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The times I traveled an extra mile for movies

 People who know me might know that I am a cinephile. I avidly follow the happenings in the cineverse, regularly interact with fellow cinephiles in social circles, and occasionally write short snippets on movies that moved me.

I am not much of a picky eater, but I am a picky watcher. I check reviews, watch the trailer, and decide to watch a movie only if it suits my taste. In a time before Covid and direct OTT releases, seeing a movie that you waited for eagerly was not always easy. The cinema halls may not be that accessible to you, or the movie may not be prominent enough for it to release in your nearest theaters.

There have been times where I have dropped the idea of watching some movies in theaters due to practical limitations, but here let us talk about the times where I went the extra mile.

  1. The Jungle Book (2016)

Disney’s Jungle Book was, beyond doubt, one of the most prominent releases of the year, and of course, it was released in theaters near me. But the trailer of the movie had swept me away with it’s visual richness so much that I wanted to watch it with the best experience possible. IMAX was out of bounds, so I settled for what was allegedly the best theater experience in the state - The AriesPlex SL Cinemas, Thiruvananthapuram.

I was doing my Masters in Kollam during the time, and the said theater was almost a two hour ride away. The decision was made, and off I went on a KSRTC Superfast. Kollam to Thiruvananthapuram - just for the movie. I went alone as I was embarrassed to ask my classmates to tag along. I was sure I would be ridiculed. The trip was worth it, as the magic of the Jungle Book unfurled spectacularly on the majestic screen of Ariesplex.

  1. Phobia (2016)

The same year. The same student phase. I had not heard of this Radhika Apte starrer psychological thriller until it was released. Once the rave reviews started pouring in, I had this indomitable urge to go watch it in the theaters. I checked for screenings near me, and realized that this movie was screening at only one center in the entire state of Kerala. PVR - Lulu Mall, Kochi.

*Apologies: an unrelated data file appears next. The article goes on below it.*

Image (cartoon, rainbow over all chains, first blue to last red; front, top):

It was a Monday morning. I was at the Kottayam railway station to board the train that takes me to my college at Kollam. The train that would take me to Kollam arrived on platform one. I quietly walked over to Platform two. Soon, Venad Express came in on its way to Shoranur, via Ernakulam. I  boarded, of course. A train and a bus journey later, I arrived at the Lulu Mall with plenty of time to spare before the movie would begin. It was an exciting day for both the cinephile and the foodie in me.

  1. Gully Boy (2019)

Not all trailers have the ability to excite you to the core, but Gully Boy had one such one. I was counting days for its release. And when it did, and it did release in a nearby multiplex as well, but the timing was a bit off. The only showtime available was eleven in the night. Though the screen was not too far from where I lived, the timing was a bit tricky as I did not have any vehicle with me. I decided to walk it, very well knowing that it would be past midnight when the movie ends and then I will have to walk all the way back home alone.

As luck would have it, I ran into some colleagues (and my wife too, but I did not know her then. Ab dekho toh hum paas lekin Socho kitni doori hai) at the cinema, and one of them probably took pity on me and offered to drop me home after the movie ended.

  1. Moothon (2019)

This time I am in New Delhi, and even though Malayalam movies release there, it’s often delayed and limited. One has to follow keenly to know when a new movie will be out. When Moothon finally found its way to Delhi after a myriad of film festivals, it could only find one screen - and that too in Faridabad - which is a part of NCR politically but geographically, it is in Haryana.

It would take me roughly four hours up and down in the Delhi Metro to commute, and once again I traveled for cinema - alone as usual. The theater was not very remarkable, and the small crowd was mostly Keralites. There I met a young Delhiite, who was an evolving filmmaker. He had come down to watch Moothon after hearing good reviews, and that elated me. So did the Geethu Mohandas directed gritty drama starring Nivin Pauly and Roshan Mathew.


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